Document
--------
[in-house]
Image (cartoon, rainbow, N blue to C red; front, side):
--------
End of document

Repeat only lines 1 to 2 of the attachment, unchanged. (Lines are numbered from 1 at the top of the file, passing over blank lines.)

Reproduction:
[in-house]
Image (cartoon, rainbow, N blue to C red; front, side):